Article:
KOREA COLUMN 27
Capitalism first began to emerge, within feudalism, in Europe and elsewhere, as long ago as the fourteenth century. Through a long series of struggles, revolutions and wars capitalism established itself as the dominant mode of production in Europe by the beginning of the 19th century. It was at this point that Karl Marx became the first person to produce a comprehensive analysis of capitalism’s structure and laws of development. It is useful to compare capitalism today with capitalism in Marx’s time to see what has changed and what remains the same.
The most immediately obvious change is in capitalism’s scale of operation. In the 1840s, when Marx began his analysis, capitalism may have been dominant in Europe but in its developed industrial form it was still more or less confined to a small corner of the north-west – Britain, The Netherlands, Belgium, parts of France and Germany. Today it is truly global.
Capitalism, by means of trade and, indeed, its armed forces, long ago ‘reached’ and affected virtually everywhere but now there is probably no country on the planet where the majority of goods are not produced on a capitalist basis. In 1848 Britain, the so-called ‘workshop of the world’, was by a long way the leading economic power, with France its nearest rival. By the end of the 19th century Germany had displaced France and the USA was advancing swiftly. By the end of the First World War the United States had clearly overtaken not only Britain but all of Europe. By the end of the Second World War US dominance was even more entrenched, with the state capitalist USSR its only serious challenger.
Today the USA remains economically, and, of course, militarily, dominant but, despite its victory in the cold war, its economic lead over the rest of the world is much diminished. In the fifties and sixties ‘economic miracles’ in Germany and Japan put America under pressure and now there is the emerging challenge from China, with India also making huge progress. In addition there are numerous significant and independent centres of capital accumulation, such as South Korea and Brazil, dotted round the world. Capitalism has thus ‘filled up’ the world more completely and is more poly-centred than ever before.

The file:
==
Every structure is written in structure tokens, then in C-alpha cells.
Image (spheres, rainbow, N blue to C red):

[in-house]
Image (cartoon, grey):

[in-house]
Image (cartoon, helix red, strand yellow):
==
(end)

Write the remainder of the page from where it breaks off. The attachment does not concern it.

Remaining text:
Along with this geographical spread has gone a huge increase in the size and range of capitalism’s major corporations – the Exxon Mobiles and Wal-Marts, the Toyotas and Samsungs – in other words in the concentration of capital, and in the intensity of global economic integration. It is not simply that the international transportation and sale of raw materials and manufactured goods has grown immensely but that the actual manufacture of individual commodities has become an international process.
The growth of the system has been anything but smooth, passing through severe international crises such as the Great Depression of the thirties and the international recessions of the seventies and eighties, and numerous national or regional upsets, nevertheless overall it has been massive.
The economic role of the state has also generally increased substantially, but again the process has been extremely uneven. Since the onset of neo-liberalism in the seventies and the ‘collapse of communism’ in 1989-91 the role of the state has clearly declined compared to the days of Hitler, Stalin, Roosevelt and Keynes, but not nearly as much as neo-liberal ideologues expected or wanted.